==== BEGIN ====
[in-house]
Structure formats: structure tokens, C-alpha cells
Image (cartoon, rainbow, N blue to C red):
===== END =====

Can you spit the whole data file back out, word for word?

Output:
[in-house]
Structure formats: structure tokens, C-alpha cells
Image (cartoon, rainbow, N blue to C red):